English mathematician and logician, Alan Turing, helps crack the Enigma code during World War II.
Year 3, Film #46
THE REVIEW: ”Sometimes it is the people no one imagines anything of who do the things that no one can imagine.” This quote is repeated by different characters throughout the film and exemplifies why a film about codebreaking — a film where many scenes are just a bunch of guys huddled around piles of paper and furiously writing equations on a chalkboard — is so relevant to our daily lives and why it is such a powerful film to watch.
Alan Turing (Benedict Cumberbatch) is the father of computer science and artificial intelligence in addition to being credited with cracking the Enigma cypher the Germans used to send secret messages during World War II. We can tell through his interactions with co-workers Hugh (Matthew Goode), John (Allen Leech), and his boss Commander Denniston (Charles Dance) that there’s something “odd” about him. Brilliant mind, but doesn’t do well socially. Flashbacks to Turing’s childhood also help to emphasize this point as we see him bullied and with only one friend, Christopher (Jack Bannon). On top of all that, Turing was gay, something that was criminalized during that period in the United Kingdom so it was paramount that it remained a secret lest he went to jail.
I mention all these details about Alan Turing for two reasons: 1) Cumberbatch’s portrayal of the man; and 2) how this relates to the point of the entire film. Starting with Cumberbatch, he does indeed deliver an Oscar-caliber performance (given the SAG nominations released this week, it looks like he’s on the road to Oscar nomination as well). Peter Travers described his performance as “emotionally complex” and A. O. Scott explains it the best way I’ve read, “[Cumberbatch’s] curious ability to suggest cold detachment and acute sensitivity at the same time”.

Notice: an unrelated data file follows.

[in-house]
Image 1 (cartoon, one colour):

Turing is such a great character (I don’t know much about the actual person, but I’m going on the assumption that this portrayal is fairly accurate) because he is smarter than everyone else and he makes this fact well known. The work he did was life-changing for all of us and had a deeply significant impact on WWII — historians believe his work shortened the war by 2+ years and saved countless lives by cracking Enigma. The importance of it all is beyond a level I can truly comprehend — I can say I understand how revolutionary his work was, but without having lived through that time, and the time since, I can’t say for sure.
And it’s this idea that makes The Imitation Game so powerful. Turing had to fight for his work and for his life. This story is many things including a war film, a heist film (at least the planning stages of it — in my opinion one of the best parts), and a underdog film (Enimga was “impossible” to break). But above all of that, at the heart of The Imitation Game is a film about a man who had been overlooked his whole life. A man who was successful in life but lacked a true purpose or meaning to it. By the end of this film we see that Alan Turing achieved that. Even if no one else could know and the team at Bletchley Park that broke the unbreakable code would remain secret for 50 years, Turing felt accomplished. And as an audience that’s what we feel as the credits start to roll. Despite being persecuted for his sexual orientation and unable to tell people what he did, there’s a certain level of optimism that I find endearing. At the end, Turing finally realized the true meaning of what his mother told him so many years ago, “Sometimes it is the people no one imagines anything of who do the things that no one can imagine.”
THE TAKEAWAY: This film is a clear Oscar contender for many obvious reasons, first and foremost being this is an entertaining and enjoyable film that also packs a big emotional punch to it. Benedict Cumberbatch delivers a very nuanced and dichotomous performance as cryptographer Alan Turing that is worthy of a nomination (Eddie Redmayne is still my favorite to win the Oscar for his portrayal of another Briton, Stephen Hawking). If you’re like me and love films based on true stories (especially war stories) than The Imitation Game is right for you. Not your cup of tea? Well, The Imitation Game will still delight thanks to its deep and touching story about what it means to fight for your life and your life’s work.
The Imitation Game opened in limited release on November 28, 2014.
THE RATING: 5 out of 5